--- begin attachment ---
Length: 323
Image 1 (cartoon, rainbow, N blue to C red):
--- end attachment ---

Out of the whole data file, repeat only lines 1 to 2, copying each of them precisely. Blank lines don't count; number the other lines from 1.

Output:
Length: 323
Image 1 (cartoon, rainbow, N blue to C red):